It wasn’t like me to be invested in anything but my work; for it to come secondary to anything was curious, if not also uncomfortable. I was, irritatingly, also avidly intrigued by the prospect that I had found myself in a situation where, in an infinitesimally small timeframe, something had taken such a prominent place in my mind. More interesting was the fact that while Rose blurred lines between business and leisure, I found myself unable to direct my thoughts from her as she was, through her as a resource, to my work as a whole, despite the stepping stones being laid out in a clear path.
Interesting, yes, but also potentially problematic.
It wasn’t at all that I regretted putting myself in a somewhat doomed situation, in fact I considered my contentment part of the growing issue; I knew logically that, in the long term, this would certainly be easier if lines were drawn and boundaries were immediately defined.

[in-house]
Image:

Attachment grew problematic very quickly for Elves, especially where those with shorter lives were concerned.
I forced myself out of my thoughts and added the book in my hands to my pile. As I came back into my senses, I became acutely aware of the steady thump of a heartbeat behind me; the unmistakable smell of potting soil and flora was all I needed to identify its source.
“Helena.” I stated by way of acknowledgement.
“Elf.” She replied in the same deadpan tone. “I take it the meeting went poorly?” Her voice returned to its usual softness, like worn wood, and a mixture of sympathy and worry rolled off her in a thick cloud.
“No, it went well,” I paused, then added with a condemning chuckle, “for the most part.”
“Then why are you moping?” The woman huffed and moved to stand in front of me, hands affixed firmly to her hips and her wide, brown eyes meeting mine with a brazen gleam to them.